What’s the Difference Between Residency and a Second Passport?

What’s the Difference Between Residency and a Second Passport?

06/04/2016 - 3:48 PM
0 Comments
residency and second passport

I’m asked just about every day to compare Panama residency with a second passport program from somewhere in the world.  The caller usually has $200,000 to $500,000 to spend or invest and wants to know whether they should go for residency or a second passport. Here’s what you need to know about residency and second passport.

As for residency, I suggest Panama is the best available. If you’re from a “friendly nation,” then you can get residency for about $8,750, or even for free. If you’re not blessed with a good passport, then you need to deposit $300,000 into a Panama bank account and pay about $30,000 in fees.

Residency allows you to live in that country. It usually permits you to operate a business there but not be employed by someone else. There are many different visas available in Panama, in addition to the Friendly Nations visa, and some do include a work permit.

Once you’ve had residency in Panama for 5 years, you may apply for citizenship. This doesn’t mean you will get a second passport, it means only that you may apply for one. The decision to grant citizenship lies solely with the president – whomever that may be 5 years from now.

Some presidents, such as Martinelli, gave out Panama passports to anyone who made sizable donation to his campaign. On the other hand, the current president, Juan Carlos Varela, is all about fighting corruption. I don’t think he’s granted even one Panama passport in his 3 years in office.

My point here is that residency means you can live in a particular country. It does not give you a travel document nor any of the benefits of citizenship. If you want to live in Panama and/or maximize the benefits of the Foreign Earned Income Exclusion, then you need residency in Panama. If you want a low cost exit plan, consider residency from Panama.

If you want a passport, then you can wait and hope that a “friendly” president comes to power… and with a “donation” amount you can afford… or you can buy a second passport from a country that offers economic citizenship.

A second passport is a whole different level of global access above residency… and at a completely different price point.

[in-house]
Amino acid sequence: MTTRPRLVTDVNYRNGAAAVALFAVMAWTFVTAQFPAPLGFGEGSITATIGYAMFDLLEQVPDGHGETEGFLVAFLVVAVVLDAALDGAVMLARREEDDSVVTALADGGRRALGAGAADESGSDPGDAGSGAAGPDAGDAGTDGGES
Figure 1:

Someone from the US can get residency in Panama for $8,750. Someone from India can get residency for $30,000 + a deposit of $300,000 in a bank in Panama. This $300,000 is not a cost. The money belongs to you and can be taken out any time.

On the other hand, the minimum price for a second passport is $150,000, and can go as high as $8 million. Most second passports are sold for $240,000 or can be acquired with an investment of $550,000 + fees of $40,000.

Economic citizenship gives you all of the rights and privileges of a citizen from whichever country you buy in to. This means the right to live, work, vote, etc. It also gives you a passport from that country.

Second passports are valued based on 1) the number of visa free travel options they include and 2) where they allow you to live and work.

For example, a second passport from St. Lucia gives you visa free travel to 125 countries, which is very good. The cost is about $240,000 for St. Lucia.

For comparison, a second passport from Malta gives you visa free travel to 168 countries, including Canada and the United States, the two countries most difficult to access. A passport from Malta will cost about $1.2 million plus legal and other fees.

A passport from Matla also allows you to live and work anywhere in the Schengen Region of the European Union. Schengen encompases 26 countries including Austria, Germany, France, etc. For a complete list, click here.

So, St. Lucia is a valuable passport because it gives you access to 125 countries, plus an exit plan, the ability to give up your US citizenship and escape the IRS, etc.

A passport from Malta is valuable for all of these reason, plus several more visa free countries and the ability to live anywhere in the European Union.

Fore more, see Top 10 Second Passports, which includes a variety of economic citizenship options at different price points.

Here’s the bottom line on residency and second passports:

If you want to live in a country like Panama, then you need residency there. If you’re an American operating a business abroad, then you need residency to maximize the value of the Foreign Earned Income Exclusion. If you want a low cost exit plan, then you can start with foreign residency.

If you want a second passport, then you need to buy a second passport. This is the only guaranteed route to acquiring economic citizenship and a quality travel document.

I hope you have found this article helpful. Please contact me at info@premieroffshore.com or call (619) 550-2743 with any questions on second passports or residency programs. If you are from a friendly nation, can even help you get Panama residency for free.

Next Post Previous Post